A Black man himself, Best explained the difficulty that Black artists face with not being seen as a “sellout,” not wanting to be “portrayed as an Uncle Tom, a racist stereotype, or anything that makes you, as a Black person, look less than.” To have racial stereotypes turned on him was “debilitating” — it made him “feel like (his) life was over.”
Best said, “There was just so much hate and anger and venom directed at me, and I took it personally” — leading the actual man behind the character to contemplate suicide. Nothing validates the trauma Best went through.
Aside from the conversation about Best, there is another reason why it’s problematic that people hate on Jar-Jar so much, viewing him as one of the worst Star Wars characters in existence. People constantly place Jar-Jar Binks at the top of their most-hated Star Wars characters list, which is extremely concerning. In a universe where a hero-turned-villain killed younglings after being brainwashed by a power-hungry politician and another villain used the (incorrect) legacy of his dead grandfather as motivation to kill his father, the person who you want to hate the most is a relatively harmless Gungan?
I know Anakin (Hayden Christensen, “Little Italy”) apologists; I have friends that are huge Anakin apologists. Does one moment of doing the right thing at the very last minute make up for all the damage he did as Darth Vader? Similarly, does Kylo Ren’s (Adam Driver, “House of Gucci”) decision to help Rey (Daisy Ridley, “The Bubble”) fight the newly-revived Emperor at the end of “Star Wars Episode IX: The Rise of Skywalker” cancel out the people he hurt, his father included? Forgiving villains because of last-minute changes of heart that in no way make up for their past actions is a problematic narrative to perpetuate.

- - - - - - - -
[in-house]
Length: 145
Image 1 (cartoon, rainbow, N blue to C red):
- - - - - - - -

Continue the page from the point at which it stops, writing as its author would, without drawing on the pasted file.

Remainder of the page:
So maybe Jar-Jar Binks is annoying. At least he isn’t a killer. I know — I know — that’s a low bar. But it’s worth taking into consideration.
Jar-Jar Binks is by no means my favorite character (I’m an Obi-Wan fan all the way). Jar-Jar isn’t even one of my favorite characters. I don’t even like him that much. The greatest thing I can say about him is that, in the Star Wars Wii game, he could jump higher than all the other characters, which absolutely came in handy when trying to make it through the levels.
But also, if you spend a lot of your time thinking about how Jar-Jar’s the worst thing to come out of Star Wars, you couldn’t be more wrong. Star Wars is a great, entertaining franchise with fun, action-packed films. But, as is the case with any story, there are good things and bad. The lightsaber duel in “Star Wars Episode III: Revenge of the Sith”? Good. Padme’s (Natalie Portman, “Thor: Love and Thunder”) character regression? Bad. Jar-Jar? Somewhere in the middle, at best. Not as bad as the villains, not as good as the heroes.
Managing Arts Editor Sabriya Imami can be reached at email@example.com.